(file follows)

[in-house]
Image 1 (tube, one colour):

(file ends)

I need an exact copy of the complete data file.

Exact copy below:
[in-house]
Image 1 (tube, one colour):